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Departures

May 5, 2011
by Gary Tetz
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How much time do you spend in a typical day observing the departure area of your local airport? If you're like me, probably not a lot. For one thing, standing idly around the drop-off zone is a good way to get an impromptu frisking. Not that that's a bad thing—I personally find the experience greatly heightens my sense of human connection. But I recognize that not everyone is a reclusive melancholic with an appreciation for invasive security measures.

Gary tetz
Gary Tetz


Another reason is that when I follow the traffic arrow to Departures, I'm departing. I'm on my way somewhere, from here to there. And I'm in a hurry, so I typically don't pause to savor the moment or look at the scenery. I weave through the lurching line of cars, dodge the skycaps, and leap piles of luggage to push through the rotating door into the comforting bedlam inside.

But last week, some unexpected airport downtime gave me the rare opportunity to stop and smell the…departing travelers. I had just flown into Denver and manipulated some friends into offering me a ride from the airport to my downtown hotel. They told me to meet them on the upper level, so I walked outside and waited in the sunshine. I was suddenly an undercover arriver in the land of departures, watching random drivers deposit their globetrotting cargo.

From my vantage point at the curb, a human drama of compelling depth and diversity unfolded. It had comedy. Tragedy. Ecstasy, apathy, and pathos. It was more powerful than Days of Our Lives, more riveting than Charlie Sheen. Scenes that began earlier and elsewhere with a hopeful, “Can you give me a ride to the airport?” were concluded on the Departures stage right in front of me. I observed—okay, was mesmerized by—what the interactions between driver and traveler revealed about the likely nature of their relationships. It felt a little creepy, admittedly. But I didn't stop watching.

Some drivers just did the old drop and run—not bothering to get out of their cars or even roll down a window and wave. I wasn't able to decipher much of a story in those cases, though once a vinegar-faced woman grabbed her bags and kicked the door of a black Lexus shut with a roundhouse stiletto. Either she was very angry at a special someone inside or had recently graduated from the Chuck Norris Finishing School. I didn't ask which, as her other shoe was still loaded and lethal.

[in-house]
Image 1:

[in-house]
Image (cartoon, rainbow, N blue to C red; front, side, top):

Others adopted a half-convincing, half-hearted interest, actually exiting the vehicle and pausing for a few moments of what appeared to be trivial conversation. Sometimes this ended in a handshake, sometimes in an awkward side-hug and tepid, “Let's get together again real soon,” or “Great to see you, buddy.” Since in the course of my life I've never, ever been called “buddy” by an actual buddy, I'm assuming they weren't friends. Facebook friends maybe, but not real ones.

Then I noted how bored and jaded husbands seem particularly glad that the threat level is orange and elevated, because it gives them an excuse to hasten the spousal good-bye. She wants desperately to communicate deeply held feelings before leaving to visit her sister in Tulsa, and he wants desperately to get to Happy Hour. So he gives her a quick peck on the lips, glances nervously at the uniformed officer pacing nearby, feigns annoyance at the impatient drivers waiting for his spot, musters a pained look of forced separation, and rushes back to his car. He's a helpless, grateful pawn of terrorists and traffic.

Finally, I observed a special breed of drivers and travelers. These are the ones who can't take their eyes or hands off each other, who long for just one more moment together, who make the rest of our relationships look drab and mono-dimensional by comparison. I have a theory about these people—that they've spent far too much time staring at World War II photos of soldiers at train stations bidding farewell to weeping young maidens. Or maybe they actually care about each other.

Whatever the explanation, their all-consuming love emboldens them to defy the security rules, ignore the chaos all around, and just savor the now. They create a moment that hangs in the air, leaving the two of them in clear focus while the traffic and people blur all around them. They stop time. The world pauses on its axis. Choirs sing and even the overhead airport voice forgets to forbid unattended luggage. It's magical.

And then my ride arrived.

Outside the entrance to your nursing home is another kind of departure zone, a place where drivers deposit loved ones or sometimes not-so-loved ones for an often unscheduled and unwelcome trip. Some long to go along, and can hardly bear the imminent separation—stopping time with lingering moments of shared pain and devotion. Others spend the minimum required, mustering indifferent assurances of visits and letters before beating a hasty retreat. And, of course, some just drop and run.

For too many of these travelers, you and your team of open-hearted caregivers will become surrogate family and friends, standing in for those who dropped them off at the curb, waved a half-hearted goodbye, and essentially disappeared. For those folks especially, I'm awfully glad you're there—because you care, and you're good at departures.

“Now wait just a minute, Mr. Tetz,” I hear you muttering angrily in my general direction. “Isn't this a humor column, and aren't you contractually required to write an ending that will make us laugh?”

Funny you should ask…. LTL

Gary Tetz is a long-term care commentator based in Walla Walla, Washington. Long-Term Living 2011 May;60(5):18-19

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